Hoaxes & Rumors

Virgin Atlantic Glass Bottom Plane: Real or Hoax?

Virgin Atlantic Glass Bottom Plane: Real or Hoax?

An image which has circulated online since 2013 depicts a “Virgin Atlantic” plane with a glass bottom. Is this image real or fake?

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It was a 2013 April Fool’s Joke.

Virgin founder Richard Branson made an April Fool’s announcement via his online blog regarding a new “glass bottom” airline service. His blog stated:

I’m thrilled to announce that Virgin has created another world-first with the introduction of the technology required to produce the world’s first glass-bottomed plane. This technological innovation coincides with the start of Virgin Atlantic Airways’ first ever domestic service to Scotland.

Photos also were included in the blog post which show alleged designs of the new plane. The first photo shows the plane from below, while the second photo shows the view from inside the airplane.

Virgin glass bottom plane Virgin glass bottom plane

Note that the photo depicted above doesn’t show any cargo or landing gear.

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A second announcement that day by Virgin’s Bob Fear included speculation that the Loch Ness Monster may be spotted from one of these glass bottomed planes, noting that Virgin had received “special permission had been granted for Virgin Atlantic to fly low over Loch Ness to take in the stunning Scottish scenery.”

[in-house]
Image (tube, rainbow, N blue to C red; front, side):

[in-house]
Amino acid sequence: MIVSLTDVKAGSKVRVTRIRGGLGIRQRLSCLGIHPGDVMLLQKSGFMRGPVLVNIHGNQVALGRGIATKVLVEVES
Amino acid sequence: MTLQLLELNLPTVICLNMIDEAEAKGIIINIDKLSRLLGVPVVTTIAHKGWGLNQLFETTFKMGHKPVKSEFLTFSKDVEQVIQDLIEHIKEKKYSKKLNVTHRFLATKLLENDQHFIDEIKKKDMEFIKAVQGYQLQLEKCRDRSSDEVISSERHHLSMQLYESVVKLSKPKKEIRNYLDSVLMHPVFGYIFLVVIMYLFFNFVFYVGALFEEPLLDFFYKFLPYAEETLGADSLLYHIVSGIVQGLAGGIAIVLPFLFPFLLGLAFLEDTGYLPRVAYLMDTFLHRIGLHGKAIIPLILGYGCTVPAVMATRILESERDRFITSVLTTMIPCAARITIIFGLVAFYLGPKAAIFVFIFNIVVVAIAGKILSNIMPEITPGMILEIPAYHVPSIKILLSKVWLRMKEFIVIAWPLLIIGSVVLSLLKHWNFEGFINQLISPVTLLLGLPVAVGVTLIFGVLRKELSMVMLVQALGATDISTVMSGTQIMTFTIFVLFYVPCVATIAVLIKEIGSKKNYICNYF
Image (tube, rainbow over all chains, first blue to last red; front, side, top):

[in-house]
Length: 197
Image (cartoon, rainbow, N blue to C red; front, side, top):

Although the prank was understood by most major news outlets, China’s CCTV apparently didn’t get the joke and ran a news item, reporting it as a real announcement. They reported that Virgin’s new glass-bottom planes would begin flying between London and Scotland and quoted a Daily Mirror article on the topic. The Daily Mirror story, however, included a notice that the item was merely an April Fool’s prank – a notice that apparently was missed by CCTV producers.

After viewers tipped off CCTV that they had been duped, the story was removed from the website.

As recently as late 2014, photos of the fake glass bottom planes continue to circulate on social media, with some readers unaware of their origin.


Updated December 21, 2014
Originally published September 2013

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